And, of course, the notable irony of another person with the surname Booker shaking up federal sentencing perhaps mertis some special attention by clever wanna-be-headline-writing commentators.
Some recent and older related posts:
- Senator Rand Paul talking up restoring voting and gun rights for felons, as well as sentencing reform
- Is it too early want the new Senator from NJ to get going on sentencing reform?
- "NAACP, right-wing foes get friendly" when it comes to prison costs
- "Conservatives latch onto prison reform"
- Rand Paul begins forceful pitch in campaign against federal mandatory minimums
- Senators Durbin and Lee come together to introduce "Smarter Sentencing Act"
- Does Senator Ted Cruz agree with GOP Senators Mike Lee and Rand Paul about the need for federal sentencing reform?
- Could significant federal criminal justice reforms become more likely if the GOP wins Senate in 2014?
- "The most interesting part of [Rand Paul's] speech was his widely anticipated defense of drug law reform."
- "Prison-Sentence Reform: A bill to give judges flexibility to impose shorter sentences deserves conservatives’ support."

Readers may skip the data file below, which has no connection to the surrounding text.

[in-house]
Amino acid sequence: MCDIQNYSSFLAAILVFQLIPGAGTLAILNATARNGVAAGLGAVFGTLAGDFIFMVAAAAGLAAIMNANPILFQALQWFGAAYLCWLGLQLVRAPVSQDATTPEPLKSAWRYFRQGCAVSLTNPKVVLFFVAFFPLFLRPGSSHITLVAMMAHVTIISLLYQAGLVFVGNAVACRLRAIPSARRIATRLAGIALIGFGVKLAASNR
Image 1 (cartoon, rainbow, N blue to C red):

- Another notable GOP member of Congress advocating for federal sentencing reform
October 23, 2013 at 06:14 PM | Permalink
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From the article: "Mr. Booker said he has had initial conversations with Senate Majority Leader Harry Reid about his opinions on the issue—such as eliminating mandatory minimum-sentencing laws for nonviolent offenders and reducing incarceration rates as a way to help save tax dollars."
Well that's cool. Notice anything missing?
How 'bout what Reid said in response? Anyone wanna guess why that got left in the round file?
While we're at it, anyone wanna guess why Leahy/Rand isn't even on the Senate floor after all this time and hype?
As to the supposed "unstoppable" momentum of drug "reform" legislation, I'll bet $100 here and now that the Leahy/Paul bill never becomes law, such is my view of its "unstoppability." (This bet applies only to people who give their full, real names; I want to be able to collect).
Posted by: Bill Otis | Oct 23, 2013 6:30:39 PM
Since I don't think Paul and Leahy expect their bill to pass as is, I don't know how courageous a bet that is.